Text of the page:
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H1N1 Response: Highlights and Lessons Learned Will Humble, Director.

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Presentation on theme: "H1N1 Response: Highlights and Lessons Learned Will Humble, Director."— Presentation transcript:

1 H1N1 Response: Highlights and Lessons Learned Will Humble, Director

2 H1N1 Response: Highlights and Lessons Learned Current Status of Virus Vaccine Distribution Statewide Planning and Response Activities Federal Policy Barriers Strengths and Areas for Improvement

3 Current Status of Virus Currently at “sporadic activity level” Arizona has had –149 deaths since April 2009 –8,720 lab-confirmed cases (since April 2009); 4 in previous week

4 Vaccine Distribution States were asked to provide vaccine using a mixed model of public/private distribution ADHS facilitated this distribution to private healthcare facilities, local health departments, and providers. Actual end-user distribution was prioritized by the county health departments. Decreased demand for the vaccine from the general population = excess vaccine.

5 Statewide Planning & Response Activities Health Emergency Operations Center (HEOC) Strategic National Stockpile Public Information Activities Outreach Activities School Preparedness

6 Statewide Planning & Response Activities Health Emergency Operations Center (HEOC) –Activated the HEOC in the spring and fall 2009 and early 2010 for H1N1 Response –Fully operational until January (and have been operating virtually since)

7 Strategic National Stockpile For the first time, federal medical assets from the SNS were deployed to Arizona Shipments included antivirals, pediatric suspension, and PPE ADHS relied on county health departments to redistribute these assets

8 Strategic National Stockpile As lead state agency, ADHS coordinated with state, county, and tribal partners such as: –ADEM –ADPS –Arizona State Forestry –ACTIC –ADOT –Local Public Health –Local Emergency Management –Hospitals and Clinics

9 Statewide Planning & Response Activities Crisis Communication and Social Media Activities –Produced weekly key messaging discussion points –Established and coordinated a Speakers Bureau –Utilized new social media outlets such as Twitter, Facebook, You Tube, and blogging –Established statewide call center –Administered Google Flu Shot Finder application –Held weekly conference calls with public information officers from counties, tribes, medical associations, etc.

10 Statewide Planning & Response Activities Outreach Activities –“Stop the Spread AZ” campaign established –Developed hygiene-related messages (vaccine not widely available) Message = Stay home when sick & wash hands –Transitioned to vaccine promotion messaging (vaccinate everyone) Message = vaccine: Everyone can get it; It’s your turn –Campaign included: TV, radio, newspaper, bus stops/sides, billboards, Internet, movie theatre, flyers, etc.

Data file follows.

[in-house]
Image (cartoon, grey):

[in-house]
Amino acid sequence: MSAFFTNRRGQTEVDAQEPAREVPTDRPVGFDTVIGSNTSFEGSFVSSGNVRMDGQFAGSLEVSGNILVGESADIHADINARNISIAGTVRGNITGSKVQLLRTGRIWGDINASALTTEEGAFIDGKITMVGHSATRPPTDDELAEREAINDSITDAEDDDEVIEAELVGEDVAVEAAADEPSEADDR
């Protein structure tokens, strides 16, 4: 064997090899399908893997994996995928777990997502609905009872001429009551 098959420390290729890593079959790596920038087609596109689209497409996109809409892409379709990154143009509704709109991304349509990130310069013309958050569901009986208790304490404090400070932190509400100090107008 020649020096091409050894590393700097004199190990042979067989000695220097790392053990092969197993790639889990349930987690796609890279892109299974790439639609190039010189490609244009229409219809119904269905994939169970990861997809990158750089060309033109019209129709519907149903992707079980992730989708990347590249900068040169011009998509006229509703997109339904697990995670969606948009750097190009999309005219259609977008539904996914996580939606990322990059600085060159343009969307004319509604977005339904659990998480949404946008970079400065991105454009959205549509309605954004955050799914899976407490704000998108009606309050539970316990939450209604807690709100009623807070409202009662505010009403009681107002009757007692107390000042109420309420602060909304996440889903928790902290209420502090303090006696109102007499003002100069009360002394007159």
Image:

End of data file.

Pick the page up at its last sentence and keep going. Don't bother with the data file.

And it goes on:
11 Statewide Planning & Response Activities School Preparedness –ADHS is continuing to work with the Arizona Department of Education on pandemic planning gaps –Through the H1N1 supplemental funding, ADE is providing funds to the recipients of the FY 2010 Education for Homeless Children and Youth Grant. Funds will be used to provide hand sanitizer and forehead temperature strips to schools.

12 Federal Policy Barriers Misalignment of federal agency expectations –USDA/HHS –EPA/HHS H1N1 Supplemental Grants –Allowable expenses too restrictive Tribal sovereignty and coordinating with states HHS Compatibility with State Systems (HAvBED) Federal licensing waivers (1135 CMS Waiver) incongruent with state licensing waivers

13 H1N1 Response: Strengths Leveraged key relationships with professional associations, state boards, and nongovernmental organizations to develop and implement high level policy decisions In absence of a state declaration, healthcare institutions able to utilize existing state licensing flexibilities to alleviate hospital surge

14 H1N1 Response: Strengths ADHS and Maricopa County Public Health Spokesmen –The public face of H1N1 response –Trusted source of information (public and media) As lead state agency, public health’s role was legitimized among emergency management community

15 H1N1 Response: Strengths Quickly received and distributed large amounts of federal medical assets ADHS State Laboratory was first in country to conduct confirmatory testing of H1N1 samples –Validated private lab testing methodologies and results Epidemiology and disease surveillance systems quickly identified and tracked key trends such as –hospital admission data –morbidity and mortality –School absenteeism

16 H1N1 Response: Areas for Improvement Communication between key internal functional groups Electronic laboratory reporting Health Alert Network messaging templates Asset inventory tracking system Tracking vaccine deliveries to from CDC to providers

17 H1N1 Response: Areas for Improvement Increase consistent use of incident management tools Communications plans need updating to include social media outlets and message development Communications for SNS delivery operations were not previously developed

18 Thank You!

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